a place where it doesn’t hurt.

In early November of 2016, I stayed with my parents in Ontario for about five weeks. It was a tough time for me – my depression had reared its ugly head, and was a weight on my shoulders that wouldn’t let me up. I was drowning.

When I arrived in Ontario, I slept for days. My depression had led to strep throat, which became bronchitis, which turned into me sleeping for nearly twenty hours a day. When I wasn’t sleeping, I was crying.

I remember one Sunday in particular. I woke up and the sunshine was coming through my window, and I felt instantly energized. I wanted to be outside. It was even warm – winter hadn’t yet begun, and the air still smelled of that crisp autumn earthy smell. My parents asked me to go for a walk with them, and for the first time in nearly a week, I left the house.

We walked for maybe half an hour. At the beginning of the walk I was so full of hope – Could this be the start of my healing? Is it this easy? Did I just need to see the sun? 

But after about ten minutes, a dark cloud moved in, casting a shadow over only me; the sun still shone for the rest of the world.

You will never be happy. Do you really want to spend the rest of your life crying in bed?

I started to cry, walked ahead of my parents, and lead the way home. I walked into the backyard and sat on the patio stairs. Dad came and sat beside me and let me cry into his shoulder.

I will never forget the conversation we had next:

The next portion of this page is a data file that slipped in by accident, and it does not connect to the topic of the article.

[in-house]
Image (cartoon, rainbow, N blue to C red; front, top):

“Dad, I wish I had cancer. Because then I would have something wrong with me that people could see, and I wouldn’t feel so ashamed to feel this way.”

“I know sweetie, depression is hard.”

“Dad, I don’t want to live anymore. I just want to say good-bye to my family and friends, and just go some place where it doesn’t hurt.”

This was the first time I had said the words out loud – The first time I said them to another human being – They were no longer just scribbles in my journal. Someone else finally knew how I felt, and it was freeing.


I am not sharing this story to make you sad (even though I have shed a tear or two while sitting here writing it), but I am sharing it to show you how far I have come.

I know that it feels like it’s going to last forever, but it won’t. I promise. It’s not all good, but it’s not all bad either. Your dark cloud will go away, the weight will lift, and the tears will dry. I believe in you.


I love you, Dad.


5 thoughts on “a place where it doesn’t hurt.

  1. Your dad is a wonderful man, so it’s no wonder that he created such a beautiful daughter. He’s been there for me when I was grieving my dad and his words were warming. I love him too ☺️

    Liked by 1 person

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